"We want justice, that's what we want, and make it fair for the people coming from the other side," said Lupita Lopez, one of the Tucson marchers.

Arizona, the busiest illegal entry point along the nation's porous southern border, is home to an estimated 500,000 illegal immigrants out of the state's population of about 6 million.

Monday's demonstrations followed a day of rallies in 10 states, including up to 500,000 people in Dallas, 50,000 in San Diego, and 20,000 in Salt Lake City. Dozens of rallies and student walkouts, many of them organized by Spanish-language radio DJs over the past few weeks, have been held in cities around the country, from Los Angeles to Chicago to New York.

The protests are aimed, in part, at defeating one immigration reform bill that already has approval from the House. In addition to stiffer criminal penalties, H.R. 4437, also known by the name of its chief sponsor, Rep. James Sensenbrenner, R-Wis., contains tougher border security measures, including a proposal for a 700-mile fence along the U.S.-Mexico border.

One proposal the Sensenbrenner bill does not contain is the guest worker program that President Bush prefers. Bush supports allowing some illegal immigrants who do not have criminal backgrounds to stay for a certain amount of time in the country and work legally.

"We want to stop HR4437 and we are demanding the Senate go back to the drawing board and develop an immigration reform bill and really fix the problem," said Juan Carlos Ruiz, national coordinator for the National Capital Immigrant Coalition. "We want to be part of the solution to make this country better."

Speaking before a student audience in Washington on Monday, Bush told one person in the audience that while borders need to be secure, it's also important to give some immigrants a break "so they don’t have to try to sneak across the border. ... If they want to become a citizen after a series of steps they've got to take, they get in line, not ahead of the line."

A Senate compromise reached last week amidst partisan bickering would contain a guest worker program, but would give greater access to citizenship to those who have been residing in the United States longer than five years. Another group — those who have lived here between two and five years — would face more restrictions, but could stay here and in time apply for citizenship. Those here fewer than two years would have to leave the country and apply for legal entry.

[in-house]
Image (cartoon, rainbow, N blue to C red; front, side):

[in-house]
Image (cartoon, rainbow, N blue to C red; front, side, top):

But that compromise fell apart Friday. Specter, chairman of the Senate Judiciary Committee, says the bill will be his committee's top priority.

Republican strategist Michelle Laxalt said it's not clear whether the protests will have the desired effect.

"It depends on who is demonstrating and where. I'm not sure whether or not the demonstrators in some states are saying the same thing that demonstrators in other states are. That is I think something that each member [of the Senate] is going to be listening very carefully to what happens in the next two weeks while they're in recess," she said.

Doug Schoen, a Democratic strategist and FOX News contributor, suggested the protesters could only help themselves.

"Who knew that there would be millions of people out in the street wearing white T-shirts, waving the American flag, saying, 'We are part of America?' ... What they are saying is they are a part of American society ... and they want both citizenship rights and they want a process to become part of America," Schoen said.

Over the weekend, the crowd estimates at a Dallas rally were anywhere between 350,000 and 500,000. Another 20,000 were said to have appeared in Salt Lake City. More rallies were held in San Diego, Minnesota, New Mexico, Michigan, Iowa, Alabama, Oregon and Idaho.

The Associated Press contributed to this report.